CBA can help law enforcement and the public to better understand how different populations are affected by police actions. See how recent reporting from The Marshall Project on transit policing demonstrates this point.
The Policing Project at New York University School of Law invites you to join us and our partners on Friday, September 21, for a discussion of how communities experience being policed and the potentially transformative power cost-benefit analysis could have on policing.
The Cleveland Police Monitoring Team released its Fifth Semiannual Report and Comprehensive Re-Assessment detailing, among other things, encouraging signs that revisions to police policies, including use of force, are having a positive impact on the streets of Cleveland.
This month saw exciting developments in the Policing Project’s work with the Cleveland Police Monitoring Team on the implementation of the federal consent decree between the Cleveland Division of Police (CDP) and the Department of Justice.
This year’s group of students and officers in our Youth-Police Engagement Program proved that substantive, meaningful engagement between young people and police is possible even when initial skepticism is high.
In recent weeks, our founder Barry Friedman penned an op-ed for The New York Times following the Carpenter vs. United States decision and spoke with reporters on policing technologies including drones, license plate readers and facial recognition software.
Today New York University Law School’s Policing Project, the Police Foundation, and the National Urban League released a new study, Beyond the Conversation: Ensuring Meaningful Police-Community Engagement, which highlights the public’s desire for more say in policing matters.
Yesterday, at the Tampa Citizens Review Board monthly meeting, the Policing Project released its report summarizing the results of the community survey on the practices and performance of the Tampa Police Department. The survey is part of an ongoing effort to improve understanding of the community’s priorities and concerns around policing.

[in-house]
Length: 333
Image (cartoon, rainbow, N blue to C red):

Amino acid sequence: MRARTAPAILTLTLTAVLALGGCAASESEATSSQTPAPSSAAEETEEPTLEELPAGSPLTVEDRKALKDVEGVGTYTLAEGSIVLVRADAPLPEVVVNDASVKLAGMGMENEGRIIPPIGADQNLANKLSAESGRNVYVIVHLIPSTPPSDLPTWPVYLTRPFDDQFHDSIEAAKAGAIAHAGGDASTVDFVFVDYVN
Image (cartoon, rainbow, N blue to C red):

Today the Los Angeles Police Commission approved a new policy requiring the LAPD to release video footage of officer-involved shootings and other critical incidents within 45 days, unless there are extenuating circumstances that require delaying release. The change in policy comes in response to a report released by the Policing Project in September of last year, which showed broad public support for making video public in the interest of transparency and community trust.
This Friday, March 16th, the online survey conducted by the Tampa Citizens Review Board with the assistance of the Policing Project will come to a close. The Tampa CRB’s survey invited members of the Tampa Bay community to give feedback on the practices and performance of the Tampa Police Department. The survey is designed as an essential first step for the Tampa CRB to begin taking a proactive role in evaluating issues of importance to the Tampa Bay Community. We thank all those involved for helping spreadtheword.
Last week, after several months discussing policing issues in the classroom, students and officers in our youth-police engagement program visited the Camden County Police Academy so students could get a taste of life on patrol. (For a full report on the day’s activities, check out Melanie Burney’s piece in the Philadelphia Inquirer.) This exciting opportunity was made possible because of the generous support of the Campbell Soup Foundation, the Harris Foundation, and the Open Society Foundations.
Last week, Policing Project Deputy Director Maria Ponomarenko participated on a panel at the Privacy Localism conference, hosted by the Information Law Institute at NYU Law. The panel, “Local Governance of Policing, Surveillance, and Data” highlighted the lack of public input into decisions about police use of surveillance technology, and discussed possible solutions.
The 2017-18 session of the Policing Project’s Youth-Police Engagement Program is officially up and running at Woodrow Wilson High School in East Camden, New Jersey! By bringing youth and police officers together in a classroom setting, our program seeks to give youth an active and ongoing voice in how their community is policed, to strengthen youth-police relationships, and to develop a national model for this sort of engagement.
The Policing Project is thrilled to host a discussion on policing's future! We welcome John Malcolm, VP for the Institute for Constitutional Government at the Heritage Foundation, and Christy Lopez, formerly with the U.S. DOJ Civil Rights Division and now a Distinguished Visitor from Practice at Georgetown Law.
Today the Policing Project has released its report summarizing public and officer feedback on the LAPD’s policy for releasing video footage of critical incidents—which includes any incident in which an officer fires a gun or an individual dies in police custody. The report is based on [...]